'That is not something to be proud of,' said Oddny, with a brisk smile, 'but the fact is that Icelanders don't stay in lousy relationships. They just leave.' And the reason they can do so is that society, starting with the parents and grandparents, does not stigmatise them for making that choice. Icelanders are the least hung-up people in the world. Thus the incentive, for example, 'to stay together for the sake of the kids' does not exist. The kids will be just fine, because the family will rally round them and, likely as not, the parents will continue to have a civilised relationship, based on the usually automatic understanding that custody for the children will be shared.....

    http://www.guardian.co.uk/world/2008/may/18/iceland


    Die Sonne scheint noch.

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    If one accepts the notion (originating with early Greek materialist philosophy) that we are essentially mammals, a part of nature and nothing else, it is not surprising to see how this could make sense. Despite the fact that nature is well-ordered, and extremely intricate, it has its own randomness, a number of variations. This would explain the almost infinite variability in human sexuality. We have these notions about monogamy, and normalcy, but people can essentially do whatever they want to when there doesn't exist a system of control to regulate individuals. While I am a champion of marriage insofar as I have a desire to establish a deep emotional bond with one person and stay loyal and maintain that bond, it is not surprising to read about the success of the above mentioned phenomenon.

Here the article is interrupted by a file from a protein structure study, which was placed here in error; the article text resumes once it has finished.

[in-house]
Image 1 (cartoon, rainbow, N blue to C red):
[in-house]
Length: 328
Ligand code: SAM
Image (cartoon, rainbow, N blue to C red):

For example, in Kerala South India (this phenomenon is dying out due to members of this system moving to other parts of India and adopting the mainstream Indian culture.) historically members of the Nair caste have been practicing a polygamous system based around a household known as the tarawad. A tarawad is a household where a woman may marry multiple husbands as the preservation of the mother's line is seen as paramount. All family members live in one tarawad where the mother wields a goodly amount of power. The mother's eldest brother has the ability to make certain decisions on behalf of the entire household. This system was established by a king in the 16th century in order to better preserve the clan as descent can be traced for sure through the mother.

    I joked once to my friend (whose mother is from Kerala and a subcaste of the Nairs) that we could move there and I could be one of her husbands so long as she agrees never to leave my belongings on the doorstep of the tarawad. (i.e. impossible for her to divorce me.) Apparently my friend's grandmother had multiple husbands.
    SVMDEVSSVMCAESARSVMCAELVMETINFERNVM

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    What Makes Icelanders So Happy?



    Despite harsh winters and economic decline, Iceland ranked third on the UN’s 2016 World Happiness Report. So what makes Icelanders so happy?